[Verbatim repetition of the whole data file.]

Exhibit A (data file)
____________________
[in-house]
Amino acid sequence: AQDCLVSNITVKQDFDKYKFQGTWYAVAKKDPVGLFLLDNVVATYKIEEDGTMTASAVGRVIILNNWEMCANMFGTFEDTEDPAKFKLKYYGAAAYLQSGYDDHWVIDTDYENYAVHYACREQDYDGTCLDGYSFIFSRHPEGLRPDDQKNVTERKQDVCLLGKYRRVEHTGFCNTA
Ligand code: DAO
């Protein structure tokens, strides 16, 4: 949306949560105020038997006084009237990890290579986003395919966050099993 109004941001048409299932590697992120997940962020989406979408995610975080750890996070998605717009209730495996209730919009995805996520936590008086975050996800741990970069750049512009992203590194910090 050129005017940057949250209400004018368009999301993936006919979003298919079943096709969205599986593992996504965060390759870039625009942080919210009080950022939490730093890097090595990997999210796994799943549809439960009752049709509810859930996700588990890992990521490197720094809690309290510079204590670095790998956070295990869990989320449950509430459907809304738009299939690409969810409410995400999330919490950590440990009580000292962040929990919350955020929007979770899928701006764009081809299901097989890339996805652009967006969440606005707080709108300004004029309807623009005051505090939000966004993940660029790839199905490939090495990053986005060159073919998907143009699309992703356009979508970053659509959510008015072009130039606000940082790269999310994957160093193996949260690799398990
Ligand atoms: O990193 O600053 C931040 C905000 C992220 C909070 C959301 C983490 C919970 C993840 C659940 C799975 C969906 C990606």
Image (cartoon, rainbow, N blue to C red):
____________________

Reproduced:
[in-house]
Amino acid sequence: AQDCLVSNITVKQDFDKYKFQGTWYAVAKKDPVGLFLLDNVVATYKIEEDGTMTASAVGRVIILNNWEMCANMFGTFEDTEDPAKFKLKYYGAAAYLQSGYDDHWVIDTDYENYAVHYACREQDYDGTCLDGYSFIFSRHPEGLRPDDQKNVTERKQDVCLLGKYRRVEHTGFCNTA
Ligand code: DAO
């Protein structure tokens, strides 16, 4: 949306949560105020038997006084009237990890290579986003395919966050099993 109004941001048409299932590697992120997940962020989406979408995610975080750890996070998605717009209730495996209730919009995805996520936590008086975050996800741990970069750049512009992203590194910090 050129005017940057949250209400004018368009999301993936006919979003298919079943096709969205599986593992996504965060390759870039625009942080919210009080950022939490730093890097090595990997999210796994799943549809439960009752049709509810859930996700588990890992990521490197720094809690309290510079204590670095790998956070295990869990989320449950509430459907809304738009299939690409969810409410995400999330919490950590440990009580000292962040929990919350955020929007979770899928701006764009081809299901097989890339996805652009967006969440606005707080709108300004004029309807623009005051505090939000966004993940660029790839199905490939090495990053986005060159073919998907143009699309992703356009979508970053659509959510008015072009130039606000940082790269999310994957160093193996949260690799398990
Ligand atoms: O990193 O600053 C931040 C905000 C992220 C909070 C959301 C983490 C919970 C993840 C659940 C799975 C969906 C990606």
Image (cartoon, rainbow, N blue to C red):